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Garbage in NYC
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All NYC businesses are now required to bin their trash instead of throwing it on the sidewalk

Will the landscape of the city sidewalk finally change?

Melissa Kravitz Hoeffner
Written by
Melissa Kravitz Hoeffner

UPDATE September 20, 2023: Now, all NYC businesses will be required to place their commercial trash in secure, lidded containers starting on March 1, 2024. 

“We’ve declared that rats are Public Enemy Number One—but we’re not stopping there; we’re also going after the black trash bags that litter our streets, aiding and abetting rodents,” the politician said during an official press conference. “That’s why, starting next spring, we’re requiring every New York City business to put out their trash in containers. That’s 20 million pounds of black bags and rat buffets off our streets — every single day. Our streets will look cleaner and smell cleaner across all five boroughs, and New Yorkers won’t have to dodge trash mountains or scurrying rats as they’re walking.”

Let’s hope people will actually listen because we absolutely cannot take the sight (and smell) of piles of garbage in the middle of our beautiful streets anymore.


Walking by a seemingly endless pile of bulky trash bags is, unfortunately, a New York pastime, but that’s about to change.

In New York City's latest move in the war against the rats, DSNY's new commercial containerization policy launching on Tuesday, August 1, requires that food establishments put out their waste in bins with secure lids, not bags. The rule applies to restaurants, grocery stores, delis, bodegas, caterers, food manufacturers, food preparation establishments, food service establishments, food wholesalers, retail food stores and any other businesses selling or handling food.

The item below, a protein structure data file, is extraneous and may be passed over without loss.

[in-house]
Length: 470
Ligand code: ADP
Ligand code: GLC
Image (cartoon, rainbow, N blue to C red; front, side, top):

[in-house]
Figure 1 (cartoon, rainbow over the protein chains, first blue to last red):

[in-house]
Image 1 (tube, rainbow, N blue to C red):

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If you love passing by street trash, know that recyclables are exempt from this new policy, so you will continue to see those bags.

The policy may also make the streets a bit cleaner during the day. Curb waste in bins can be set out an hour before the business’s closing or after 8pm. 

"New York City used to be known for our mean streets, but, going forward, we're going to be known for our clean streets," said Mayor Adams in a press conference announcing the waste container plans. The policy is expected to affect 25% of businesses in New York, and redirect 4 million pounds of trash each day to secure bins. “These two simple proposals will have a transformative effect on our city and will eliminate the mountains of food waste piled up on bags on our sidewalks—making our streets cleaner for New Yorkers and less appetizing for the rats.”

TBD what the rats will find appetizing, but new trash set-out times have seemed to make an improvement to rat complaints in the city. As of last week, new data showed that this summer has seen a 20% decrease in 311 calls about rat activity across the city, as compared to the same time period last year. Rat sighting calls in four rat mitigation zones are also down 45%. 

Have the rats given up? Or have they just decamped to the Hamptons or upstate, where some of the rat complainers may have escaped for fresher air and cleaner sidewalks? 

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